We've been remiss in following up on the Guanciale we made earlier this year. We just recently cooked the last few remaining bits of it, so I figure now is a good time to revisit it.
Guanciale is a cured meat that is much like Pancetta, except that it is made with jowl instead of belly. We cured ours with a mixture of kosher salt, sugar, cracked black peppercorns and fresh thyme. This is what it looked like after about a week:
Then it was hung in the meat fridge until it was quite firm, but not too dried out - a little over three weeks. When it was done, it came out looking like this:
We've used it in a number of dishes, but I want to highlight a couple. First, some Guanciale and Smoked Cheddar Sliders we made this summer:
And, of course, perhaps the most classic guanciale dish - Bucatini all'Amatriciana. We've been wanting to make this for a while, but we hadn't been able to find bucatini locally. We finally broke down and ordered some online.
The dish is extremely simple. We rendered down diced guanciale with some red onion and olive oil, added in some of Mario Batali's Basic Tomato Sauce, tossed it with cooked bucatini and served it with some grated Pecorino Romano:
Lovely, rich dish.
Thursday, October 22, 2009
Thursday, October 15, 2009
Sherry did a run out to Northgate Market recently, and came back with a bounty of pork products, including half a head. We popped the head in a pot, and slowly simmered it along with some tongues and trotters. Part of the results went into tacos, which were rich, sticky and very satisfying.
The rest went into a small batch of Testa (head cheese):
We had warmed Testa on toast for breakfast this morning, and it really hit the spot.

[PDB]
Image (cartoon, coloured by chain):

You can find more details on making Testa, along with our recipe for it here: Coppa di Testa.
Friday, October 9, 2009
While we were in Oaxaca, we fell head-over-heels in love with the chorizo there. Here in San Diego, despite the wide availability of Mexican food products in general, we've been unable to find a chorizo that tastes as good.
The chorizo we bought from our local carniceria in Oaxaca had a deeper color to it and a more complex and tangy flavor. Plus, we missed the pretty bolitas of chorizo we would see hanging amongst other lovely bits of meat:
Our solution to this problem (which will come as no surprise to regular readers of this blog) was that we would have to try to make it ourselves.
After a bit of experimentation, our recipe is something of a combination of a version from The Food and Life of Oaxaca, by Zarela Martínez and one from Rick Bayless' Authentic Mexican.
At its base, this chorizo starts like most pork sausages: a mixture of ground pork meat and fat (we use shoulder and belly). Where it differentiates itself is in the seasoning. The dark color comes from lots of chile - in both amount and variety. For this batch we used ancho, paprika, chipotle, guajillo and cayenne. Most of it is for depth of flavor, but it also adds a nice bit of heat.
The taste gets an acid kick from some cider vinegar and is rounded out with herbs (thyme and oregano) and spices (peppercorns, cinnamon, clove and nutmeg).
Into the sausage stuffer it goes:
And the "after" shot, with the lovely, fatty, burnished-orange afterglow from the chorizo meat.
We were very pleased at how the bolitas of chorizo turned out:
After stuffing it was into the magic fridge to hang for a couple of days (that's some saucisson sec hanging in the background).
After it has tightened up a bit it is ready to go. The uses are endless. Just grab a few bolitas, toss them in a frying pan and cook them until they burst and spill out.
Then add it to your dish of choice. We have a growing number (such as our recipe for Chori-Migas), but one of the simplest and most satisfying is to use it as a topping for some breakfast memelitas:
The day just starts off better when it starts off with some chorizo.